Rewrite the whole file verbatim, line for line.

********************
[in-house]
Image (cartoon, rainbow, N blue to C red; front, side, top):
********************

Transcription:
[in-house]
Image (cartoon, rainbow, N blue to C red; front, side, top):